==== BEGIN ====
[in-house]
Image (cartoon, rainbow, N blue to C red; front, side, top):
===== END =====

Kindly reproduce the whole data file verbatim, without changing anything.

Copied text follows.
[in-house]
Image (cartoon, rainbow, N blue to C red; front, side, top):